The Disturbing Impact

Over the last three years, I have spent a vast amount of time working in the space of childhood trauma and helping to kick start the conversation in schools in the area. Much of our violence and behavior challenges in the classroom are caused by adverse childhood experiences (ACES). Naturally, my thoughts went to wondering how early exposure to sexual content impacts children and later into adulthood.

During a conversation I asked a friend, a former attorney for the federal bureau of prisons, how many of our men (and women) who are incarcerated for sexual crimes had been exposed to sex at an early age either through abuse or pornography. He speculated that probably 99% of them had had some type of exposure.

I didn’t look into those incarcerated, but did find articles on how porn impacts children and what types of behaviors are seen in kids exposed at an early age. Children and young people who are exposed early have been known to become addicted to porn and/or addicted to sex which often leads to drug and alcohol addictions and teen pregnancy. In some cases, exposure leads to sexual violence, sexually deviant behaviors, even molestation and rape. Since I started my investigation and began engaging in conversations about the problem, awareness has certainly been escalated, but not nearly enough to create the outrage that is needed for school boards, school leaders and their respective associations to take notice. There have been debates on social media surrounding the issue and private messages from teachers afraid to voice their support for legislation, and very little discussion from our local media outlets.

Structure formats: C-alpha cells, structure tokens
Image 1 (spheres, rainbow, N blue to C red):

When given the opportunity, I have shared some thoughts about sexually explicit materials in the written form to give them perspective. Think about the diversity in the materials marketed to women as opposed to men. A somewhat mainstream and arguably acceptable form of pornography for women is romance (erotica) novels: some are more graphic in nature. Erotica is a billion-dollar industry that outsells all other genres. The written word and stories of love, relationships and romance appeal to women. Contrast that with pictures and videos which appeal to men that astoundingly is a 10-billion-dollar industry. Tragically, the human toll on the lives of the men and women, boys and girls who become addicted to it is immeasurable.